Primer: Systems Don’t Work
At topical moments in time, I have been comparing my views on things to those around me. This serves to hold up a mirror to the way I think about things, compared to the way others think about things. In most cases I used to think the way other people do, but now, somehow, I think something different. The Primer category is an attempt to catalogue these changes/differences and show my current thoughts on things.
This first attempt happened to have points that all related to systems. Its topical inspiration was yet another UK general election, the third nation-wide vote to be called in as many years, and the response to said election from my peers.
Systems don’t work
Lots of humans don’t really think systematically
My pet favourite theory of cognitive development holds that there is a certain type of making sense of the word that involves being able to imagine large, abstract systems within which human beings engage tasks for some bigger outcome. These tasks can be arduous and many relationships with other humans inside this system are unfair and asymmetrical. One is motivated by the rules of the system, rather than by love for the people in it. This type of making sense of the world is different from making sense of the world through one’s role within a personal relationship network, or being motivated by care for others. An example of such an abstract system is a corporation, or any employer/business. Another example is a nation.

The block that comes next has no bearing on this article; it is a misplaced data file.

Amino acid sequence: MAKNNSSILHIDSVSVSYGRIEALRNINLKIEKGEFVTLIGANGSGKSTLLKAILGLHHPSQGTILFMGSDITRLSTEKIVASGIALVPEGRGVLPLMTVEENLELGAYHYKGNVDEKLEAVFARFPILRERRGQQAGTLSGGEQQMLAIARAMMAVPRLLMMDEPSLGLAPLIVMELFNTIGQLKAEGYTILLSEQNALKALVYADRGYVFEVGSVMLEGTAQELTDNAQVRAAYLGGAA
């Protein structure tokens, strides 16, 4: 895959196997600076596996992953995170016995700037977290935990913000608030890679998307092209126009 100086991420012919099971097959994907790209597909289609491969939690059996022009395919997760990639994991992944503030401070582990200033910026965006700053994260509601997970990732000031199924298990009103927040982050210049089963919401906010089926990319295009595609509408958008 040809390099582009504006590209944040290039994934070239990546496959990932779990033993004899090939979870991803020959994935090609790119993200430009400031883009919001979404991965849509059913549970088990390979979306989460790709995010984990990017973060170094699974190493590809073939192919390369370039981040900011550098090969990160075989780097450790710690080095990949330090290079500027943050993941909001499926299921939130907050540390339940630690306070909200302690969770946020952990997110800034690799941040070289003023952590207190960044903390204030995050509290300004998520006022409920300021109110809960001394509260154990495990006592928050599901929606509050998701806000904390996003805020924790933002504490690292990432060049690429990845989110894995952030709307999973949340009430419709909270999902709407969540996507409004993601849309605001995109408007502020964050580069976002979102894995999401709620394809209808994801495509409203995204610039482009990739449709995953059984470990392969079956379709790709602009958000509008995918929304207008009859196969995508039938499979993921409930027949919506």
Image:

Recently, I’ve asked people to imagine a “bigger picture” abstract system and frequently they can only answer by making reference to their personal relationship network.
It’s an open question as to whether the possibility of systemic thinking is not cognitively available or whether it is simply not actively chosen, but if it were the latter, I would expect systems to be deployed more often and not receive quite so many personal slurs when I deploy them.
Example. My question: “is it possible that Facebook’s “mark yourself safe” feature has wider, systemic implications for how people perceive the world that are negative?” Their answer: “I don’t see why helping my family feel less worried about me is a bad thing”.
Systems don’t do what they say on the tin
Systems attempt to be rational structures, IE based on reason. There is a reason for all of the rules that make up the system. For example: “we have a six month probationary period because assessing performance on the job allows us to hire the best employees.”
The thing is, despite appearances, systems are not rational and are not based on reason. Systems tend to have a few founding assumptions, like “humans will always act in their own best interest” which are not founded on reason, they are founded on guesses, or nothing at all. They sound right, but they are basically arbitrary, based on what people want to be true, or on what would be fun if it were true. Like the direction that one must travel on a Monopoly board, someone made it up and that’s kind of just the way it is, for no good reason.
So, the outcomes of that system can run acropper when the founding assumptions aren’t always achieved.
Modern democratic voting doesn’t work very well because certain assumptions fail to match reality:
- voters are not rational
- voters do not always vote in their own best interest
- voters do not always understand what they are voting for
- voters do not always understand abstract systems like “nations” in complex ways and so vote on personal relationships instead
- voters do not always have good future forecasting
- having two options for a non-homogenous glob of many millions of people is not even close to rational
etc etc etc
Humans in systems